Proponents of Raleigh's citizen advisory councils say the groups' future serves as a measure of how well the city hears citizens' views on issues affecting daily life, including planning, growth, and law enforcement. So it's no surprise that Raleigh's nineteen CACs have emerged as an issue in the October 10 municipal elections, when voting will determine the mayoral race, as well the city council's two at-large and five district seats.
For decades, the grassroots-level CACs, with minimal city funding, have pondered issues small and great. They have aided Raleigh's ability to obtain federal funding, advised the city council and planning commission on proposed zoning changes, and recommended sites for stop signs and speed bumps.
But the question remains: Does the traditional CAC process, in which meetings generally involve a few dozen neighborhood activists, produce an accurate reflection of the wishes of more than 460,000 city residents? Visits to a couple of CAC meetings showed that concerned residents do show up, although not necessarily in huge numbers.
On Monday night, about twenty-five members of the South Central Raleigh Community Advisory Council gathered at a Roberts Park meeting room to talk about, among other things, the Raleigh Police Department's use of body cameras to record interactions with citizens, a contentious issue in this part of town. The residents at the east Raleigh site had plenty of questions for Deputy Police Chief Joseph Perry, who led the presentation on body cams.
"If someone is running away, why would they shoot more than once?" asked evangelist Marian Maring, a possible reference to Willard Scott Jr., an African-American Durham man who died after being shot twice from behind by a state highway patrolman in February.
Perry responded, "I know you're not going to like this answer, but it depends." For example, he continued, officers could decide to stop an armed man escaping toward a crowded gym.
At the same hour, about four miles away, Midtown CAC members met at the city's Five Points Center for Active Adults, hearing similar information on body cams, then an Urban Design Center presentation of the city's plan to transform Six Forks Road between Lynn Road and the 440 Beltline.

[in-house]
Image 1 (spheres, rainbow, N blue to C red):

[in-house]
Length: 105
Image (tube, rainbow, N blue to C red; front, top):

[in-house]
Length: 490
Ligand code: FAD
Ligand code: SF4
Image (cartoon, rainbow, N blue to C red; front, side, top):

The Midtown group, also containing about two-dozen people, had lots of questions, including one about the hundreds of residents who responded to a survey on the city's plan.
"Is this everybody from Possum Track to downtown?" asked Dale Homan, who lives in the Lakemont subdivision, referring to a road that runs off Six Forks to the north of I-540. More weight should be given to the thoughts of people who live within a mile of Six Forks than to those who drive up and down it every day, Homan argued.
For Perry, these CAC meetings are a good way to get information out to a broad section of Raleigh residents. "They are so well attended," he says. "They are spread out across every area of the city."
Mayoral challenger Charles Francis, a newcomer to electoral politics, has criticized Mayor Nancy McFarlane's vote for a new community engagement board, which as originally conceived by a task force would have replaced the CACs with several layers of groups to gauge public sentiment on issues. After encountering resistance to that idea, McFarlane scheduled an August 28 meeting—which she emphasizes will include CAC input—as the start of a two- or three-year process to put meat on the bones of theCEB framework.
CAC backers, including council member David Cox, point out that thousands of Raleigh residents belong to CACs, and they show up in the hundreds when a key zoning issue is on the agenda.
"It is a central issue from my point of view," Cox says. "The CACs are simply a vehicle for people to hear and learn about issues and, on some of the issues, to be able to express their point of view. It's a forum that allows city officials to provide information to citizens and allow citizens to give their views to officials."
Cox's opponent in District B, John Odom, says he favors CACs when they are run professionally. "What I don't like is when the members are bullied in one way or another," he says, adding that council members sometimes intimidate members with opposing views. Cox defeated Odom in 2015, after Cox scored points with community members by helping block a proposed grocery store in his north Raleigh district.
At-large candidate Russ Stephenson found himself the target of six challengers when Mary-Ann Baldwin, longtime incumbent in the other at-large seat, dropped out of the race, citing the need to make room for a new generation of leadership. (The top-two vote-getters are elected to the council.)
Stephenson says he's encouraged by the move to examine and improve the CAC process. "Any time you undertake a citywide re-envisioning of citizen engagement, it's going to be a big deal," Stephenson says.
N.C. State consultants Mary Lou Addor and Mickey Fearn will take part in the August 28 session, with one goal of locating a nationally recognized consultant to help flesh out the CEB, Stephenson says.
In the long term, winners in the fall elections will likely have the ultimate say on whether the CACs, or a body more closely linked to the council, will have the responsibility for making sure residents' voices are heard.